Then we came to the end a novel
Review: Then We Came to the End by Joshua Ferris | Books | The GuardianJoshua Ferris's Then We Came to the End is one of the most acutely observed, dazzling American debuts of recent years. They spend their days - and too many of their nights - at work. Away from friends and family, they share a stretch of stained carpet with a group of strangers they call colleagues. There's Chris Yop, clinging to his ergonomic chair; Lynn Mason, the boss, whose breast cancer everyone pretends not to talk about; Carl Garbedian, secretly taking someone else's medication; Marcia Dwyer, whose hair is stuck in the eighties; and Benny, who's just - well, just Benny. Amidst the boredom, redundancies, water cooler moments, meetings, flirtations and pure rage, life is happening, to their great surprise, all around them. Then We Came to the End is about sitting all morning next to someone you cross the road to avoid at lunch. It's the story of your life and mine.
Welcome to the real Office
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In this wildly funny debut from former ad man Ferris, a group of copywriters and designers at a Chicago ad agency face layoffs at the end of the '90s boom. Indignation rises over the rightful owner of a particularly coveted chair "We felt deceived". Gonzo e-mailer Tom Mota quotes Walt Whitman and Ralph Waldo Emerson in the midst of his tirades, desperately trying to retain a shred of integrity at a job that requires a ruthless attention to what will make people buy things. Jealousy toward the aloof and "inscrutable" middle manager Joe Pope spins out of control. Copywriter Chris Yop secretly returns to the office after he's laid off to prove his worth.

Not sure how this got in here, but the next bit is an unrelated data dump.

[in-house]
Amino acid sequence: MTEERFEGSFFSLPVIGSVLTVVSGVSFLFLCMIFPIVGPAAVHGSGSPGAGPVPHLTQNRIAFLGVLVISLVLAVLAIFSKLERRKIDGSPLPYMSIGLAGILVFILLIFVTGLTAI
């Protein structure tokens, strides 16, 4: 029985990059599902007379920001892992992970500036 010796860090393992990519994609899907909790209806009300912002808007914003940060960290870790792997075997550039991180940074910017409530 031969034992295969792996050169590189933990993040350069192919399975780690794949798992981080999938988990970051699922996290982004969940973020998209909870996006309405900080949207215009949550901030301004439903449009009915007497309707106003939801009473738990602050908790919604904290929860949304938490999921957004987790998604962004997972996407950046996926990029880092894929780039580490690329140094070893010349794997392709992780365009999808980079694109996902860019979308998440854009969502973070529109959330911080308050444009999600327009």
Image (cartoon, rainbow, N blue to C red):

His choice is appropriate for a novel about the exhausted world of a small Chicago ad-agency during the lates economic slow-down, though, and appropriate for a group of characters animated by a mixture of loyalty and apathy. - America, that country's favourite myth insists, was built by the individual: the 'calm, mature' man praised by de Tocqueville; Emerson's self-reliant 'true prince'. But in Joshua Ferris's debut novel of life and death in an ailing Chicago ad agency, times have changed.